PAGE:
“Our ideas got put into something and right now they're working on taking those actions steps,” he says. “It’s great to see that this place that, beforehand I had never been to is going to be affected by something I did this summer and that is so cool. I can’t think of a better result to come out of the experience than that.”
Return to Top
A graduate student in the School of Public Administration, Council Bluffs native Kyle McGlade didn’t have to travel far for his RFI Serviceship, but the impact of his contributions will be felt far beyond Omaha’s city limits.
While many serviceship participants traveled to completely different parts of the state, Kyle stayed in Omaha, specifically North Omaha. During his 10-week involvement as an RFI Serviceship student as he and fellow student Sydney Armbruster, a disease and human health major from Peru State College, assisted the Omaha Municipal Land Bank as they help purchase and redevelop properties as places where people and local businesses can thrive.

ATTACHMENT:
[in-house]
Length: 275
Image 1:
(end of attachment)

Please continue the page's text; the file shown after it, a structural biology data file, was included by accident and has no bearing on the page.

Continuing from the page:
One example of work that Kyle and Sydney did over the summer included visiting a home that had previously sat vacant for 12 years but is now being purchased by the Omaha Municipal Land Bank in order for it to be redeveloped. Because of their status as a nonprofit, they can bypass some of the other hurdles that developers may face.
“The work team at the Omaha Land Bank has a chemistry that makes you feel like you aren’t really even at work,” Kyle wrote in a blog for RFI’s website. “It’s fun and rewarding.”
By the halfway point of his 10-week experience, Kyle helped the Omaha Municipal Land Bank collect and analyze documents that were being used to move properties into foreclosure so they could be purchased by the bank and repurposed as positive community assets, like a recently-opened coffee ship in North Omaha.
The projects Kyle worked on as part of RFI are currently on their way to becoming realized in the community, something he also wrote about as he concluded his serviceship.
“The chance to be involved in community development that will be enacted by mid-November is exciting as this is something I will see progress made on while attending school after I have finished my time as an RFI Serviceship student.”
Return to Top